7

I've set up the Visual Studio Code debugger and run the following program.

pub fn main() {
    let mut chars = "test".chars();
    match chars.next() {
        Some(c) => {
            println!("What is the value of c, here?");
            if c == 'c' {
                println!("c");
            }
        }
        None => {}
    }
}

If I set a breakpoint at line 6, and look in the Variables and Watch panes, c does not evaluate, but rather passes the following message: identifier 'c' is undefined using cppvsdbg on Windows, or <not available> using lldb on Linux. I've confirmed that this happens both on Linux and Windows builds, for the current stable compiler version.

I've also added the following to Cargo.toml to no avail:

[profile.dev]
opt-level = 0
debug = true

For reference, here is my launch.json file, needed for the VS Code compiler:

{
    "version": "0.2.0",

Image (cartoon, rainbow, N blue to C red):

"configurations": [
        {
            "name": "(Windows) Launch",
            "type": "cppvsdbg",
            "request": "launch",
            "program": "${workspaceFolder}/target/debug/test.exe",
            "args": [],
            "stopAtEntry": false,
            "cwd": "${workspaceFolder}",
            "environment": [],
            "externalConsole": true
        }
    ]
}

Replace "(Windows) Launch" with your OS of choice.

Why is this the result? Is there a fix, or are there some compiler options that should be added?

This question has an open bounty worth +250 reputation from Jeremy ending in 2 days.

This question has not received enough attention.

Why specifically does this happen? Is there any way to fix or work around it, through configuration, different tools, or if necessary, minor code changes?

  • 2
    LLDB doesn't yet support a number of Rust concepts. It can't understand enums, and apparently can't understand char either. – Peter Hall Jun 10 at 10:39
  • 2
    rust-gdb is able to print the value: $ rust-gdb target/debug/pr, then (gdb) br main.rs:6, (gdb) run, and when it stops (gdb) print c shows: $1 = 116 't'. – rodrigo Jun 10 at 19:19
  • 1
  • 1
    Orthogonal to your direct question, but an if let would be more idiomatic than a match in this code. – Shepmaster Jun 12 at 18:21
  • 1
    Same experience as OP on mac – stacksonstacks 4 hours ago

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